Personal Approach Marks Bush's First Saudi Visit

President George W. Bush places the promotion of democracy and freedom at the top of his agenda as he makes his way through his first extended tour of the Middle East during his presidency. Bush has made stops in Jerusalem, Ramallah, Bahrain, Kuwait and the United Arab Emirates.
By Michael Abramowitz
Washington Post Staff Writer
Tuesday, January 15, 2008

RIYADH, Saudi Arabia, Jan. 14 -- President Bush on Monday launched a rare round of intensive personal diplomacy with Saudi King Abdullah aimed at winning support for a variety of American objectives such as rebuilding Iraq, pressuring Iran, fighting al-Qaeda and backing the U.S.-brokered peace talks between Israel and the Palestinians.

Bush and Abdullah embraced warmly at the bottom of the steps leading from Air Force One after the plane touched down here for the president's first visit to the kingdom -- and his first face-to-face meeting with Abdullah in three years.

Bush came bearing a big gift: His administration formally notified Congress on Monday that it plans to seek approval for the sale to Saudi Arabia of $120 million in precision-guided bombs as part of an overall arms package worth roughly $20 billion. Congress has 30 days to try to block the sales, but administration officials appeared confident they have the votes to proceed with the deal.

Bush is devoting two days of his Middle East trip to Saudi Arabia, much of it to private meetings with the king, who is hosting the president at his guest palace here and at the farm near Riyadh where Abdullah raises Arabian stallions. That amounts to an unusual commitment of diplomatic time, reflecting both the large role Saudi Arabia plays in U.S. economic and foreign policy and a desire to strengthen a relationship that has frayed badly over the past seven years.

Some diplomats and experts with close ties to the administration say meeting with Abdullah has been the main purpose of the president's trip to the region.

One senior administration official traveling with the president said this week that Bush regards the octogenarian Abdullah as "really a remarkable figure," citing the king's role in starting reforms such as municipal elections and in regional diplomacy, and that the president intends to reaffirm their "close personal relationship."

White House counselor Edward W. Gillespie described the one-on-one time with the king, who is known to dislike diplomacy conducted over the phone, as a "very important" part of the visit to Saudi Arabia.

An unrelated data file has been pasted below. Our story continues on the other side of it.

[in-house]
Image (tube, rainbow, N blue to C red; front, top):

Despite the outward display of affection on the tarmac, the relationship has also been tense and uneasy for much of Bush's tenure, according to former senior officials and experts on Saudi Arabia.

"The president has a personal bond with the king," said Dan Bartlett, Bush's former counselor. "This visit will go a long way to keeping relations on the right track. The personal diplomacy that the president likes to use will resonate with the way the kingdom does foreign policy, because it is so dominated by the king himself."

Saudi officials have sounded a skeptical note recently about Bush's drive for more diplomatic and financial pressure on Iran, which the president has emphasized almost daily on his swing through the Middle East.

"As a guest in this country, we will listen with care to all issues that the president will discuss, and he is free to discuss any issue he wishes," the Saudi foreign minister, Prince Saud al-Faisal, said at a recent news conference. "We are neighbors to Iran in the Gulf region, and as such we are careful that peace and tranquillity reign between the region's countries. We have relations with Iran, and we talk to them, and if we felt any danger we would not hesitate to discuss it with them."

Saudi Arabia has long enjoyed a close relationship with the United States, in large measure because of the vast reserves of Saudi oil and the military protection provided by Washington. But from the start of the Bush administration, tensions have been apparent. Abdullah nearly caused a rupture early on over his unhappiness with what he considered the president's unstinting support for Israel's then-prime minister, Ariel Sharon, in his approach to the Palestinians.

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